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Keith Mott

Writes about winning fanciers past and present


This week we are going to have the second part of my insight into the Louis Massarella stud in 1977, when I first visited the Leicester establishment. These two articles were first published in the Pigeon Racing ‘Gazette’ nearly 30 years ago.

To say the 100 miles trip to Leicester, for my visit to the Louella Lofts, was worthwhile would be an under-statement. I must describe that day in June as one of my best days as a "Gazette" scribe, as I was permitted to handle and inspect all the Louella champions, including the world record priced pigeon, champion 'Bliksem.'

After a first class dinner, Jack Paley took us to the main breeding loft, called the racing loft, and he had to hold a monster of a dog which was chained in front of the main door while we slipped inside the large building. Dogs are on patrol all the time around the lofts and are a bit unfriendly. On entering this door, which is in the middle of the building, we found ourselves in the corn-store with a sliding door on both sides leading to the breeding sections. Large nest-boxes are used in the breeding sections and these are divided to take two nest bowls. The sections are very roomy with nice big flights in the front of the loft and a sharp sand dressing is used on the loft floor. The lofts are cleaned out every day (except Sundays) and the water is changed twice a day. The contents of each nest box is checked when cleaned out and Jack has three young bird ringing days per week.

The first section we looked at was the Louella Dordins, mostly Mealies and Blues, bred around champions 'Ramses' and `Louvre II,' etc. A nice cock we inspected in this section was a 10 year old Mealy called `Atlantide' which was bred by Rene Boizard from 'Lucane' a full brother to `Louvre 11' This handsome cock was a large, apple­ bodied, with a yellow Eye-Sign and is the sire and grandsire of many winners. In the next section we looked at some first class Jurgen Ross pigeons and Jack said, "some good reports are coming back to Louella lofts on the perfor­mances of this German strain." The champions are housed in breeding pens and these are nice and roomy with a 12ft flight on each pen. Each pen housed one pair and the 'Aces' I handled didn't carry an ounce of fat. The first two champions I inspected were the two Kirk­patricks `Stranrae Simon' and `Double Top.' First, I looked at the cock which is dear to my heart, as my own family of pigeons are bred around him, that being champion 'Simon.' He looked really great for a 12-y-o and handled just under medium with a long cast. He has nice wide flights, with a yellow Eye-Sign and his typical British frame won lst Open S.N.F.C. Rennes 497 miles) in 1968. The other Kirkpatrick was Red Chequer 'Double Top,' winner of lst Open S.N.F.C. Nantes (572 miles) and he was a harder type pigeon with nice Shovel flights.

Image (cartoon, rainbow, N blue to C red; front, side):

Next to hand was a dark chequer cock, which Jack des­cribed as the `T.V. Star,' that being the world record-priced pigeon, champion `Bliksem.' He won 32 top prices, in National, Club and Federation, including lst Open International St. Vincent (560 miles), 5th Open Brives National (3,038 birds), 3rd Open St. Vincent National (2,770 birds), llth Open St. Vincent (2,546 birds), 55th Open Brives National (2,845 birds), 10th Open Cahors National (4,135 birds), 1st. Federation St. Vincent, 2nd Section St. Vincent, 4th Federation Brives, 6th Section St. Vincent, 4th Federation St. Vincent, 4th Section Cahors, 6th Federation Cahors, 53rd Chateauroux, 11th Poitiers and was purchased by the Louella stud from Emiel Denys of Zulte, Belgium, for the record sum of £10,500. He is a nice type pigeon, just under medium size with an apple-body and he has a dark green Eye-Sign.